Anyone who’s rented a few apartments in their life knows that great landlords are few and far between. Sure, there are plenty who do their jobs, but it’s the ones that go above and beyond who really make a place feel like home. Companies like Rentlogic even grade landlords so that potential tenants can steer clear of the ones whose properties are actually hazardous, but even among average landlords, it’s common for a certain amount of maintenance to be neglected.

If you’re a landlord hoping to stand out from your competitors and protect your tenants, maintenance is a top concern, and one you should take seriously. Be mindful of the following 3 maintenance concerns. Not only can they tank your reputation, but their neglect can actually put you at legal risk.

No More Mold

Mold is a major health threat and no one should live in a property with mold problems, but often the issue isn’t visible. As a landlord, though, it’s your job to be vigilant and watch out for signs of mold. Signs of mold include a musty smell, water damage, or strange spots on the wall. While mold spots are typically black or green, if it’s behind wallpaper, mold can also appear pink, orange, or purple.

Because mold is such a common problem, it may be worth regularly testing for mold, especially if you don’t live in the building. Particularly for those with respiratory problems like asthma, mold can be life threatening, so don’t let its invisibility put your tenants at risk.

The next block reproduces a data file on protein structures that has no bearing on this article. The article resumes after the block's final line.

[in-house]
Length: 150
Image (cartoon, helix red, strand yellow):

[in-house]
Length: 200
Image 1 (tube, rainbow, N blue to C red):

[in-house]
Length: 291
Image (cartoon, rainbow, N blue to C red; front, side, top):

Clear Snow And Ice

If you live somewhere with cold weather – and with unpredictable weather patterns growing more common, that’s most people these days – you need to be prepared to clear ice and snow at a moment’s notice. Not doing so can put tenants at risk of injury and leave you open to a slip and fall lawsuit. Be sure to have ice melt or salt on hand as well as shovels. You may also want to invest in all-weather carpeting that you can roll out when the snow falls, both inside and out, so that residents don’t slip on wet floors.

Get The Lead Out

Most people assume that lead paint is a thing of the past. Banned in 1977 in the United States, lead paint hasn’t been widely used in years – but that doesn’t mean it’s not chipping off your walls or window frames if you own an older building. As a landlord, it’s your responsibility to test your property for lead and to disclose to tenants if there is lead paint in the building, though you are not necessarily required to eliminate the lead paint. If you don’t disclose what you know about lead paint, however, and a tenant is made ill, they can sue you for damages. This can be especially severe if a child is harmed, as lead poisoning can lead to lifelong behavioral problems and intellectual delays.

Only a small portion of landlords are actively negligent; the majority of landlords who are behind on maintenance simply don’t have all the information about their units or have missed warning signs. Some are simply overwhelmed. Still, as a landlord, it’s your responsibility to deal with major structural issues in a timely fashion, especially those that impact your tenants’ health. Your tenants deserve a safe place to life – they’re paying you for that simple service – and you can be held legally accountable if you fail to meet those basic standards.